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RUSH: Roger in Pittsburg, Kansas (No H on Pittsburgh in Pittsburg, Kansas), welcome to the program. Hi.

CALLER: Hi, Rush. Thanks. It’s an honor.

RUSH: You bet, sir.

CALLER: I wanted to — if you can tolerate one more caller talking about Newt, something about his comment really stood out to me.

RUSH: Sure.

CALLER: He sounded like some kind of a Soviet-era commissar wanting to make another government program to create jobs.

RUSH: Hmm. Interesting take: A Soviet-era commissar to teach the kids how to work.

CALLER: Right. You know, and —

RUSH: If that were the case, the left would have loved it.

CALLER: Well, I was kind of wavering on maybe going ahead and hoping that Gingrich could actually stay conservative and not make any more mistakes. I’m definitely a small government conservative guy, and Gingrich it seems like he’s more a big government guy with conservative leanings and that’s what makes me take issue.

RUSH: There are a lot of people who have that fear of Newt Gingrich, and it’s deserved.

CALLER: Right.

RUSH: I mean, he’s done some things, said some things that raise legitimate questions here about how deep the conservatism goes and just how tied to establishment Washington he is.

CALLER: Exactly. And the thing in that that stood out is he starts talking about, “Well, we can maybe come up with some jobs like ‘assistant janitor’ or ‘librarian’s helper’ or something,” and that just struck me immediately as the kind of thing you would see in the Soviet Union.

RUSH: Well, let me just…

CALLER: Everybody’s guarantee a job.

RUSH: I’m not defending Newt here but I just want to say: I do know him, and if you spend any time around him at all, he’s gonna have a hundred of those thoughts a day —

CALLER: Right.

RUSH: — and some of them are gonna end up being broadcast.

CALLER: Sure. And it just terrifies me to have a person with that mind-set. He doesn’t say, “Let’s shrink welfare and out of necessity people will work.” No, instead he says, “Let’s find ways to get people to work.”

RUSH: No, but he did shrink warfare. He was the architect of welfare reform. He was largely responsible with a lot of other Republicans for forcing it on Clinton.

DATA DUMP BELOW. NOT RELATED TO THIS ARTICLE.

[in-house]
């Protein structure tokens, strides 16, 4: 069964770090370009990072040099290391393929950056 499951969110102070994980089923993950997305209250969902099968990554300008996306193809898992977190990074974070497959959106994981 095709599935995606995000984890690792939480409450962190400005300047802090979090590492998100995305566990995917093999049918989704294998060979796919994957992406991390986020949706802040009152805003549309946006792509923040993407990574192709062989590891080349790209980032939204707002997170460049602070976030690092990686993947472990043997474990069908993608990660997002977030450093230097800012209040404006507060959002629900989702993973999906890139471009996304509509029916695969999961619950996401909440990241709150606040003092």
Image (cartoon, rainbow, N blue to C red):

CALLER: And you’re right, and that still gives me a little bit of hope but I’m just terrified when I hear sound bites like that.

RUSH: Well, look, I didn’t hear a Soviet commissar there.

CALLER: No, it’s just in there. You played the clip a lot of times. It was in the last couple sentences or the last half of that little sound bite where he comments about different ways of getting people to work.

RUSH: Well, I just thought he was sounding like the schools ought to be a little bit more realistic. Why are they in school? What is the ultimate reason anybody’s in school? It’s to get a job! It’s to learn how to feed yourself without killing somebody.

CALLER: Exactly. But it just seemed like his take on it, and I could just see this turning into some government program where people are offered tax break if they hire somebody on welfare.

RUSH: Oh, well, now, see, didn’t say that.

CALLER: I know he didn’t say that and I realize I’m reading some into that, but that’s where I’m at. Any time a politician —

RUSH: You know what you heard? I know what you heard. You heard him say that and your question was — because you’re a small government Republican, and you’re worried about the debt and you know we don’t have any money — “Okay, where are we gonna get the money to pay ’em?”

CALLER: There you go.

RUSH: There you go you’re thinking, “Okay, where we gonna get the money,” and here’s Newt, he’s a Washington guy. Government will do it, and that’s a red flag for you, right?

CALLER: It is.

RUSH: See, that’s why I’m host, I know what callers are saying even when they’re not sure how to say it.

CALLER: Help me, Maha Rushie.